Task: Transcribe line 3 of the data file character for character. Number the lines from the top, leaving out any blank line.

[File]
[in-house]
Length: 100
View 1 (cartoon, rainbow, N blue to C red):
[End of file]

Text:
View 1 (cartoon, rainbow, N blue to C red):